We demonstrate the MMRM-CRT with Meta-Salud Diabetes, a CRT designed to reduce the risk of CVD in diabetics in the Mexican state of Sonora by focusing on improving healthy behaviors. Clusters were health clinics where the intervention was implemented, and randomization was stratified by region (north, south, central). Informed consent from all participants was given and ethical approval was obtained. Details can be found elsewhere [3]. Briefly, the primary outcome was the Framingham CVD risk score, which is a function of age, sex, blood pressure, cholesterol, smoking, and diabetic status, as detailed in D’Agostino et al. which estimates the risk of CVD in the next 10 years [36]. Twenty-four clinics were randomized to intervention (n = 293) or control (n = 242), with two clusters eventually being dropped from the control arm due to logistical reasons. Participants were assessed at baseline, 3, and 12 months. For this demonstration, we fit a MMRM-CRT with fixed effects of time, arm, time x arm, strata, and a random effect for clinics. Time was fit categorically and the 3 × 3 covariance matrix for time was unstructured. Inference focused on the difference in CVD risk between the arms at 3 and 12 months.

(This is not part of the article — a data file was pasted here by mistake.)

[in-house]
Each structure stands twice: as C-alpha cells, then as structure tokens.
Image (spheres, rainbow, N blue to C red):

Results